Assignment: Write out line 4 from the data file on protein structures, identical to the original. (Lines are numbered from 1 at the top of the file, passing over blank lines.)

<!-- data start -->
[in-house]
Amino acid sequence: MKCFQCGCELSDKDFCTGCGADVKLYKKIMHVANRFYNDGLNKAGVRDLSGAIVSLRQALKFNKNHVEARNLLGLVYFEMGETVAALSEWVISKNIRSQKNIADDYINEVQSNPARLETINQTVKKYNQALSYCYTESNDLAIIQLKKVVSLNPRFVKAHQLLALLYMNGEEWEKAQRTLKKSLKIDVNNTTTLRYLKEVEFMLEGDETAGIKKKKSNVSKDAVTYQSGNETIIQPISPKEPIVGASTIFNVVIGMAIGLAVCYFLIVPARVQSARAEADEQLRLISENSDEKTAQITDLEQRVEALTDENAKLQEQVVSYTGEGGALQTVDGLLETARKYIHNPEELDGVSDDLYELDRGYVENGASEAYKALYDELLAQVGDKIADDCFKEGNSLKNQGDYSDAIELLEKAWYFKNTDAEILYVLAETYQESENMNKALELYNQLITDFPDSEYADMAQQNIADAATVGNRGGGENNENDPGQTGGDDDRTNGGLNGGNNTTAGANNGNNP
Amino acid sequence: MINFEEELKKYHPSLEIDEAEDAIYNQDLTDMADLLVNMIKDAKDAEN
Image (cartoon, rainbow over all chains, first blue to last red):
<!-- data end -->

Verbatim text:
Image (cartoon, rainbow over all chains, first blue to last red):